TORONTO >> Already writing the NBA’s best story, Jeremy Lin has now scripted a thrilling finish.
Nothing about the kid from Harvard should be a surprise anymore. When he launched a 3-pointer in a tie game with a half-second left in Toronto on Tuesday night, the result seemed obvious.
“I knew it was going in,” Knicks guard Iman Shumpert said.
Who would doubt it at this point?
Lin’s 3-pointer capped his finishing flurry of six straight points to close the game as the Knicks rallied for a 90-87 victory over the Raptors, extending their winning streak to six.
Their season sputtering just two weeks ago, before Lin escaped the bench, the Knicks (14-15) can get back to .500 with a victory over Sacramento on Wednesday.
And with Lin running their show, that’s exactly what they expect.
“He continues to impress every night,” New York’s Jared Jeffries said. “Every game he plays better, he does more and more to help us win basketball games. You can’t ask any more of a kid coming into this situation.”
Huge in New York, Linsanity was even bigger in Toronto, whose international community couldn’t wait for a look at the NBA’s first American-born player of Chinese or Taiwanese descent.
A season-high crowd of 20,092 was only the Raptors’ second sellout of the season, and some 75 reporters and 16 cameras packed a Tuesday morning press conference to hear Lin speak.
“Are we in the playoffs now?” coach Mike D’Antoni joked as he made his way to the front of the room.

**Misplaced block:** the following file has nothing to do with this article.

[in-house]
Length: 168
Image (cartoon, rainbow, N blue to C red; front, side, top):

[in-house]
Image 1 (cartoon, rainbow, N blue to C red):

Not yet, but they sure have a shot now with Lin.
The reigning Eastern Conference player of the week scored 27 points and added a career-high 11 assists, shaking off a sloppy first half to carry the Knicks down the stretch.
Toronto led 87-82 with less than two minutes to go when Shumpert stole the ball from Jose Calderon and drove in for an uncontested dunk. After a missed shot, Lin completed a three-point play, tying it at 87 with 1:05 left.
Leandro Barbosa missed a 3 for Toronto and, at the other end, Shumpert missed a jumper but Tyson Chandler grabbed the rebound. Lin took the ball near midcourt and let the clock run down to 5 seconds before driving and pulling up against Calderon to bury the decisive shot.
“You just watch and you’re in awe,” D’Antoni said. “He held it until five-tenths of a second left. He was pretty confident that was going in, no rebounds, no nothing. That ball was being buried.”
Lin, cut by both Golden State and Houston in December, struggled early. He didn’t score for the first eight minutes of the game, then turned the ball over on three straight possessions early in the second quarter and Toronto took advantage with a 6-0 run, widening its lead to 13 points.
That was long forgotten by the end.
“When he hit that shot it was simply amazing, we were hugging at midcourt like we’d won a championship,” said Amare Stoudemire, who scored 21 points after missing four games following the death of an older brother in a Florida car crash.
Scouts and general managers may have missed Lin when he went undrafted two years ago, but people all over the NBA are watching him now. The reaction to his winner on Twitter was similar to one of LeBron James’ or Blake Griffin’s huge dunks.
“It’s crazy!” Phoenix guard Steve Nash wrote. “I’m watching Linsanity hoping every shot goes in. Hope I never grow up.”
But Lin deflects the praise to his teammates, even though they were going nowhere until he started getting real minutes on Feb. 4.
“It’s not because of me, it’s because we’re coming together as a team,” Lin said. “We started making these steps earlier but we were still losing close games and so obviously it wasn’t fun. But when you win, that solves a lot of problems. We’ve been winning and we’ve been playing together.”